5. Connecting to RVR+/RVR
First Things First - Prerequisites
Did you already set up your Raspberry Pi with the RVR+/RVR Python SDK through either the Quick Start or Advanced instructions? If not, do that first!
Signal Connections to RVR+/RVR
To set up the Raspberry Pi on top of RVR+/RVR, connect its ground and serial pins on the GPIO header to those on the RVR+/RVR as shown in the wiring diagram below:
Your Tx and Rx (yellow and orange) wires should be crossed, as shown in the table below:
|RVR+/RVR Pin||Raspberry Pi Pin*|
*Pin numbers are from the Raspberry Pi GPIO Pinout Guide, where you can find more info about the GPIO header on your Pi.
Powering Your Raspberry Pi
To make your RVR+/RVR fully mobile, you'll want to power your Pi directly from RVR+/RVR or another onboard source.
Pi 3, 3B+, and Zero W
These models can be powered by RVR+/RVR directly using the USB Type A port on RVR+/RVR, or by a separate USB power source if desired.
The Raspberry Pi 4 was released after we finalized RVR's electrical design. Its maximum input current specification exceeds RVR's 2.1A current limit for powering external devices. We therefore recommend powering a Raspberry Pi 4 from a separate USB power bank capable of sourcing enough current.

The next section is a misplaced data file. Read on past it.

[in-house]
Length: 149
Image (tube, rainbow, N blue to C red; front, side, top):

Depending on usage patterns, RVR+/RVR can sometimes power a Pi 4 - just be aware that the e-fuse on RVR+/RVR will shut off power without warning if it detects current over 2.1A. Do this at your own risk.
Powering From the Expansion Port
Although +5V and GND on the expansion port are internally connected to the corresponding lines on the USB port, most jumper wires will be too thin to power a Raspberry Pi and could result in low voltage warnings or an outright failure to boot. The 5V pin on the RVR+/RVR expansion port is generally useful for lower-power devices.
Once you're connected, you can proceed to the next section, where you'll make sure your Pi can communicate with RVR+/RVR.